China Approves 5 New Trademarks For Ivanka Trump Business As President Forges ZTE Deal

The trademark approvals raise new concerns about potential Trump family conflicts of interest.
Amir Cohen / Reuters

Ivanka Trump’s business has won approval from the Chinese government for at least five new trademarks. The approval came just days before President Donald Trump announced he was working on a controversial deal to drop U.S. prohibitions against China cellphone manufacturer ZTE.

Another trademark was given trial approval. The trademarks grant Ivanka Trump operations exclusive rights to market a variety of products in China that could potentially amount to millions of dollars in profits. Ivanka Trump Marks LLC received approval last year for several other trademarks after she began working in the White House. Three of them were granted the same day she dined with Chinese President Xi Jinping at Mar-a-Lago.

The applications for the trademarks were submitted over a year ago, and the trademark registrations were accepted May 7. Just five days later Trump announced he was working on a deal to lift U.S. business barriers against ZTE in order to save Chinese jobs.

Meanwhile, some 72 hours before his tweet about ZTE, China quietly agreed to loan $500 million to an Indonesian theme park project in which the president is a partner. Chinese banks agreed to loan an additional $500 million to the project.

The non-profit Citizens for Responsibility and Ethics in Washington, D.C., said the trademark deal again raises concerns about the Trump family’s international businesses and potential conflicts of interest.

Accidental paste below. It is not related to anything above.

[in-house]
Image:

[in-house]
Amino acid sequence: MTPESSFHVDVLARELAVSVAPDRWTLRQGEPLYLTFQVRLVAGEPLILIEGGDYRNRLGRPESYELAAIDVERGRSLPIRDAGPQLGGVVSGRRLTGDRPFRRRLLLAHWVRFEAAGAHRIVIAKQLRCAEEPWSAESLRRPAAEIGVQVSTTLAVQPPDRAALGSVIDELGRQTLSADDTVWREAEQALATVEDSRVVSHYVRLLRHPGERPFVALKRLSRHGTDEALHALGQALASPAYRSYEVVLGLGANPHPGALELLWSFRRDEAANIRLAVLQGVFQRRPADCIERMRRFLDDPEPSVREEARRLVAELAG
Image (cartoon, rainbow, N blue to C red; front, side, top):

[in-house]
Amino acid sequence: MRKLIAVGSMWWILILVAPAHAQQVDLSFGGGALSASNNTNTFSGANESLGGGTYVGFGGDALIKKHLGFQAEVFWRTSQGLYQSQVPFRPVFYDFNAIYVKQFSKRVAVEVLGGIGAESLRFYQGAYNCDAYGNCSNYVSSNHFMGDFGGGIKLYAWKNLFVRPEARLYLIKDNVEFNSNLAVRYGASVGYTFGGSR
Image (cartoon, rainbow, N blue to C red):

As a White House adviser, Ivanka has represented the United States at multiple diplomatic events despite the potential conflicts her business interests present,” CREW said in a statement.

Trump settled on a ZTE deal Friday that will require the nation to pay a $1.3 billion fine. ZTE, one of the world’s largest telecom equipment makers, suspended its main operations after it was barred in 2016 from doing business in the U.S. for violating sanctions against Iran and North Korea.

The deal is unpopular with both Democrats and Republicans.

Sen. Marco Rubio (R-Florida) said Friday that ZTE will “crush” U.S. companies and “spy and steal from us.”

Senate Minority Leader Charles Schumer (D-New York) said in a statement Friday: “We all know that China is involved in stealing our intellectual property. There is no better way to do it than through ZTE, and we’re going to let them be here, and slap them on the wrist with a fine? That’s a dereliction of our duty here in the Congress, and it’s the president’s duty to protect us.”

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